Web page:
What your blog says about your company

I wish I had stopped reading the Yahoo! corporate blog, Yodel Anecdotal, right after seeing this headline:

It wasn’t the missing hyphens in what should be back-to-school that got me. It was the misspelling of Farnoosh Torabi — a Yahoo! employee and the subject of the blog post — that had me anticipating the worst and wondering how mistakes like that happen. This was the company blog, after all. It represents the company and its commitment to its readers, its employees, and its shareholders. It is so badly written that any third-grader could have done better.

What does this post say about Yahoo!? That it can’t be bothered with editing and proofreading. One sentence with a missing comma, an apostrophe used to form a plural, a bit of redundancy, a bit of verb nonsense, and something about back to school that I think means “back-to-school shopping”:

Clearly, nobody cares about this sad little company blog, because there’s just more nonsense here, which I don’t even want to discuss:

Somebody with some basic knowledge of English vocabulary would have used a different word here:

And someone who attended college would know that there are more than these two options when your kids go to college: They can live on campus or rent an apartment. The writer doesn’t even consider that students can live in a sorority or fraternity house, rent a room, or live at home or with relatives. Those are not options. But Yahoo! provides a calculator that can help ascertain which of the two options is better:

According to the blog, if “you agree to the latter,” you are agreeing to a co-signer. Not to be a co-signer, which might actually make sense. And if you consider there’s only one kind of “bad behavior” — which the writer doesn’t name — then somehow you know it will affect your credit records.

Lordie, I guess this “sentence” should come as no surprise to me:

What does this blog say about Yahoo!? My guess is, no one at Yahoo! cares about the blog because no one reads it.

You’ve had over a week

It’s been over a week now that the brilliant minds on the Yahoo! front page have been writing about Isaac. Don’t you think that’s enough time to learn how to spell the name of the tropical storm?

Was a hex put on Yahoo?

Was a hex placed on Yahoo! News’ “Who Knew” so that the writer was unable to choose the correct word?

Is a cancellation possible?

Is it possible to just cancel the entire Yahoo! front page? Cancellation would mean far fewer errors released to the ether:

According to the American Heritage Dictionary (which is part of the Yahoo! network), canceled and canceling each have one L, but cancellation has two.

You really can’t put it just anywhere

You know, when you want to form the plural of a word, you generally just add an S. At the end.
At the end of the word that should be plural, not at the end of the word after it. Makes sense, no? Apparently not to the writer for the Yahoo! front page:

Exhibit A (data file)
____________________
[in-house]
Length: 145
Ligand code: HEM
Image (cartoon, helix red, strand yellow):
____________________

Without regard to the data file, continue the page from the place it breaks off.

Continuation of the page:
See, the writer is trying to tell you that the names have a meaning. There are multiple names and each has a meaning. Not one name with many meanings.

This is one of those stupid mistakes you find on Yahoo! that doesn’t deserve the space it takes to explain it.

Casting about for the right word

To the casual reader, the verb triples on the Yahoo! front page seems correct. But to the grammar nerd, it casts doubt on the writer:

The word cast is a collective noun that can take either a plural or a singular verb. If the members of the cast act as individuals, then cast is considered plural and takes a singular verb. If they act as a unit, the word is singular with a singular verb.

If the cast worked together as a unit, then the word triples is correct, but the pronoun their would be incorrect. It refers to cast, and should be its, which is weird, no?

Did you know?

Did you know that a missing word is one of the most common mistakes in writing on the Web? When proofreading, be sure that you look for missing words. You don’t want to make the same mistake as the writer for Yahoo! Music made:

I guess it’s no worse than yesterday’s misspelling on the same page:

Just a tad confused

Let us be generous and say that the writer for the Yahoo! front page was just a tad confused.  Unable to figure out if he or she was writing about Winona Ryder or Wynonna Judd the writer came up with this:

It’s the kind of confusion that would be easy to clear up,  given enough motivation. But writers for Yahoo! don’t seem all that motivated to write accurately. By the way, the woman in question is Wynonna Judd.

It could be worse

This misspelling of postpartum on the Yahoo! front page could be worse:

They could have called it post-part ‘em.

You think the haircut is humiliating?

Here’s what’s is really humiliating:

Thanks to the folks at the Yahoo! front page for this lesson in humiliation.


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